CM . . . .
Volume VI Number 19 . . . . May 26, 2000
As one of the twentieth century's greatest artists and best-known celebrities, Rudolf Nureyev came to symbolize dance in much the same way as Babe Ruth symbolizes baseball and Luciano Pavarotti does the opera. He was a force in the dance world, and his contributions were enormous and revolutionary. His superior talent and charismatic presence drew millions of people to the ballet for the first time, creating a worldwide audience for dance. His technical prowess and masculine style made dancing once again an acceptable profession for men.Organized chronologically, The Dancer Who Flew includes background on the use of historical and contemporary place names, an introduction to the author's relationship with Nureyev, a glossary of ballet terms, and an extensive list of acknowledgments. Many black and white photographs capture Nureyev's most spectacular dance moments and portray important people in his life such as teachers and friends. While the font is small, the text flows freely and quickly, evoking the fast-paced drama that characterized Nureyev's life.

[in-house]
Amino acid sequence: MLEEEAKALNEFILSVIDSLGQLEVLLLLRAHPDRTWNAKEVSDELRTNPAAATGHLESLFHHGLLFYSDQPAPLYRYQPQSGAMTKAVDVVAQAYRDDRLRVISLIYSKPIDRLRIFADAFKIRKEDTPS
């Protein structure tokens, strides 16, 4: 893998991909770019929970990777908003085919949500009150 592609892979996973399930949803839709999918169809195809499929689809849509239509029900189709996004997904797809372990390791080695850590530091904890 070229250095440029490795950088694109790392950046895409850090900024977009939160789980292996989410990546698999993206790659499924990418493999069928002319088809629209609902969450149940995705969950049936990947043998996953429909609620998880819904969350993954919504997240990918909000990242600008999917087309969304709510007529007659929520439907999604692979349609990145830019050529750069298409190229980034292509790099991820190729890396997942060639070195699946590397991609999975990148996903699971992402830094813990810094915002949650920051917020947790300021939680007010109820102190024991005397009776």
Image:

Sadly, The Dance Who Flew will have a limited audience, particularly among many male young adults who still view ballet as a less than masculine profession. Ironically, they will be inadvertently dismissing a story of the man who, through his great physical strength and passionate drive for perfection, reinvented the role of the male ballet dancer. The work, itself, extends beyond the dance stage to give readers a sense of the political atmosphere during the Cold War, making it an intriguing biography worth of inclusion in any large library collection.
Tom Knutson, a children's librarian at Vancouver Public Library, is vice-chair of the Young Adult and Children's Section of the British Columbia Library Association.
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